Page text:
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Visual Stress and Colorimetry


What is Visual Stress?

Visual Stress, (or Meares-Irlen Syndrome,) is a condition where distortions and symptoms of discomfort are experienced when reading passages of print and looking at certain striped patterns. Headaches and sore, watering eyes are common. Anyone can suffer from this, though it is frequently associated with the following conditions:

  • Dyslexia and Specific Reading Difficulties
  • Neurological conditions, such as Multiple Sclerosis and Photosensitive Migraine and Epilepsy.
  • Autism
  • Brain Injury

The symptoms of Visual Stress can be reduced by changing the background colour of the page using either overlays, which are transparent plastic sheets placed on a page of print, or coloured spectacle lenses.

The colour required is specific to each individual and may change over time.

How is the colour determined?

Because of the different modes of use, the colour needed for an overlay is unlikely to be the same as that required in a spectacle lens.

Overlay Assessment

Passages of print are viewed through overlays of different colours and colour combinations to determine the one that helps most. With the help of specialist computer software, improvement in reading speed and accuracy with the chosen colour can be measured to confirm the findings. Sometimes it is recommended by the Optometrist as part of a more detailed “Special Investigation” (Link to Dyslexia and Specific reading difficulties page)


Print is illuminated with light which can be varied in colour and intensity, enabling us to find the precise spectacle lens colour necessary to minimize Visual Stress.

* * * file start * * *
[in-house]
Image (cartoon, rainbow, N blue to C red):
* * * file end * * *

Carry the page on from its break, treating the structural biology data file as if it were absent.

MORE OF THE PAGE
Overlays v Coloured Lenses?


  • Overlays are useful for diagnosing Visual Stress as assessment is quicker and simpler than Colorimetry.
  • Overlays are less expensive.
  • Children can take an overlay home to make sure that colour makes a significant difference before considering whether to invest in coloured spectacles.
  • The optimum colour for spectacles can be assessed and supplied much more precisely than for overlays, with thousands of colour combinations available.
  • Overlays are generally used just for reading. Precision Tinted Spectacles are suitable in many more situations, such as writing, working from the board at school or college or when using a computer.

What should I do next?

If you think you or your child may benefit from the use of coloured overlays or spectacles please speak to your optometrist or contact the practice for advice. It is necessary first to have had a recent eye examination.

Some adults and children, often those with Dyslexia and Specific Reading Difficulties may be advised to book a “Special Investigation” which includes investigations into the co-ordination of the eye muscles as well the overlay assessment. (link to Dyslexia and specific reading difficulties page)

Most children will need to have had a successful trial with an appropriate coloured overlay before Colorimetry can be arranged. For adults with photosensitive migraine and epilepsy, MS and other neurological conditions, Colorimetry or Overlay appointments can normally be arranged following a comprehensive eye examination.

We look forward to hearing from you.

(Please note that Colorimetry is currently available only at our Houghton Regis Practice.)

At Brown and White we have been able to carry out Coloured Overlay assessments for Dyslexia for some years.

Many children and adults suffer from visual discomfort when reading. This can affect reading fluency, concentration and comprehension and can cause rapid fatigue. This Visual Stress can cause symptoms such as movement of print, “rivers” running through the print and headaches/eyestrain.

People who have persevered and found that overlays help them can now be assessed on a special machine to fine tune the colour required to be put into a spectacle lens, this machine is called the Intuitive Colorimeter and Brown and White has one at its Houghton Regis premises. For more information please download our leaflet.

CIMG2037 Intuituve-Coloimeter


Member of Society for Coloured Lens Prescribers